Childhood Lead Poisoning Prevention Program
The Childhood Lead Poisoning Prevention Program (CLPPP) was a grant funded program run by the Southern Nevada Health District and University of Nevada, Las Vegas between 2006 and 2010.
- Annual Report 2008 – 2009 – Childhood Lead Poisoning Prevention Program PDF 1MB
- Annual Report 2007 – 2008 – Childhood Lead Poisoning Prevention Program PDF 1MB
- Annual Report – Fiscal Year 2006 – Childhood Lead Poisoning Prevention Program PDF 486KB
- Interim Report PDF 779KB
- Lead Poisoning Elimination Plan PDF 1MB
Based on a child’s blood lead level, the CLPPP provided Case Management. These services included:
- Monitoring medical care, including regular blood tests, until lead exposure is lower than 10 µg/dL.
- Coordination of medical care such as lead exposure treatment or hospitalization, if required.
- Educating family members about lead hazards and ways to decrease lead exposure.
- Support services such as developmental referrals and WIC/Nutritional referrals.
Environmental Lead Investigation
If a child has been tested with an elevated blood lead level, the CLPPP contacted the family to schedule a thorough environmental investigation of all possible sources of lead in order to protect the child from further exposure and harm.
Environmental investigations were performed by an EPA-certified lead risk assessor. The risk assessor interviewed the family to determine where the child may have come into contact with lead, and will then tested these items/areas. Our staff coordinated the home visits at times that were convenient for the family.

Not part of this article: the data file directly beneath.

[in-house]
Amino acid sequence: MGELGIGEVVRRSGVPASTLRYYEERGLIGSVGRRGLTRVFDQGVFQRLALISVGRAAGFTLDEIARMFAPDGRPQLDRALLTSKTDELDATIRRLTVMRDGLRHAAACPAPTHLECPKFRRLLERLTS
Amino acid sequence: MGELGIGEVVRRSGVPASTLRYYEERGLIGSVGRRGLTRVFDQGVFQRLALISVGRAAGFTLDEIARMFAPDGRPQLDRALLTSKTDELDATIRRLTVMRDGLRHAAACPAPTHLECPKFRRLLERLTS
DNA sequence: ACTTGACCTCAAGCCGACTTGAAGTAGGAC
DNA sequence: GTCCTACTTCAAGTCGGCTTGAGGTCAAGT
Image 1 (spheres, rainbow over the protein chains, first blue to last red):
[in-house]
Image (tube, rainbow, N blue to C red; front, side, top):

Lead Inspections for Homes Built Before 1978
A lead risk assessment is an on-site visual inspection and environmental sampling of paint, dust and soil to determine the existence, nature, severity and location of a lead-based paint hazard.
The risk assessor provided a report explaining the investigation results, suggested ways to reduce lead-based paint hazards and recommended acceptable strategies for controlling any hazards identified. In Nevada, only an EPA-certified risk assessor can perform a risk assessment. A lead risk assessment is not intended to identify all lead painted surfaces in a housing unit and cannot be used to certify or guarantee that a unit is “lead free”.
The CLPPP Surveillance Coordinator received reports of lead exposure from physicians and laboratories operating in Clark County. The information helped determine the extent of childhood lead poisoning in the community and guided education and prevention efforts.